Somehow in a year that has perhaps found me busier than ever, I managed to read more books that I have since 2012, finishing the year with 59. Apparently, books are still both my inspiration and my relaxation, my motivation and my escape, the best means of broadening my mind and giving it a break.
As always, my reading for 2017 was primarily in these categories: theology and Christian living, history, politics/current events, autobiography/biography and fiction. My summary thoughts here will be classified by category and not by the order in which the books were read.
Having said that, I do usually indicate which book was the first one I finished in a year, and last year that honor goes to Code Talker: The First and Only Memoir By One of the Original Navajo Code Talkers of WWII, by Chester Nez and Judith Schiess Avila. I have seen the movie Windtalkers and I mention the code talkers every year in my U.S. History course, so I found this book very interesting. The way of life for many of the Navajo boys growing up is hard to imagine—and then for those same boys to willingly serve in the armed forces of a country that had not treated their people well historically or personally is something difficult to wrap one’s mind around. Imagine being told that you cannot speak your native tongue in school—to the point of being physically punished for doing so—and then being asked by the government to use that same prohibited tongue to develop a code that the enemy could not crack. I cannot help but think that my natural inclination would be something along the lines of “no thanks,” although probably not quite that polite. The way in which the code was developed, the speed with which it enabled messages to be communicated and the accuracy the code demonstrated over the course of the war is incredible.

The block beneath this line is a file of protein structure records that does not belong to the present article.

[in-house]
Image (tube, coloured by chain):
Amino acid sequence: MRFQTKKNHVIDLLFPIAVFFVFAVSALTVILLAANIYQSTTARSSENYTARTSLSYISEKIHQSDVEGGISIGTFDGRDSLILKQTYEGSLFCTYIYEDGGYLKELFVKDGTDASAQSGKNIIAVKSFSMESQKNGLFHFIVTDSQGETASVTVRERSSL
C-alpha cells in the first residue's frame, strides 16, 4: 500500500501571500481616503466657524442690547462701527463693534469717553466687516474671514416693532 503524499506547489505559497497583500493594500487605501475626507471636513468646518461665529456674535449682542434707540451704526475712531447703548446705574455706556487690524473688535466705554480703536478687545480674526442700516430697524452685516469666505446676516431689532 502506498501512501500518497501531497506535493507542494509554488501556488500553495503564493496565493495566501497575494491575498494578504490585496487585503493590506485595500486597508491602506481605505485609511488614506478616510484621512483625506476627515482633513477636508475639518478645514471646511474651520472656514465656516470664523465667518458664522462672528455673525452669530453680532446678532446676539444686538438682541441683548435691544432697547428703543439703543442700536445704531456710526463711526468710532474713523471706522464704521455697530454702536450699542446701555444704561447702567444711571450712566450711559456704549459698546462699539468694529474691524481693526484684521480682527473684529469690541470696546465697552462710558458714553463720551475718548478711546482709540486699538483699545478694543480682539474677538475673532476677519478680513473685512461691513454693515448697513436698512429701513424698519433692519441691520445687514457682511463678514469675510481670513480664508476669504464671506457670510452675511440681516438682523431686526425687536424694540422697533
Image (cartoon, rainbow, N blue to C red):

This post will be about 13,000 words long if I devote that much time to each of the books I read last year, so I better transition to shorter summaries and opinions—for my sake and yours.
I will start with history. I read Alexander Rose’s Washington’s Spies: The Story of America’s First Spy Ring, which I would recommend as reading for anyone interested in espionage during the Revolutionary War and particularly for anyone who has also watched the AMC series Turn: Washington’s Spies. (Another excellent book for anyone in either of those categories would be Tim McNeese’s Revolutionary Spies: Intelligence and Espionage in America’s First War).
Brilliant Beacons: A History of the American Lighthouse by Eric Jay Dolin was a fascinating look at what it was like to be a lighthouse keeper but also at what it took to build a lighthouse. I have long been interested in both lighthouses and keepers but I had never given all that much thought to what it took to build the lights. Dolin’s book served only to confirm my notion that other than those individuals with a particular interest in lighthouses, the importance of the lights and the keepers is an often-ignored aspect of American history that really should be more well-known. Tyler Anbinder’s City of Dreams: The 400-Year Epic History of Immigrant New York is a compelling narrative about the island purchased from the Native Americans by Peter Minuit in the early seventeenth century became the largest city in the U.S. and a magnet for immigrants from around the world.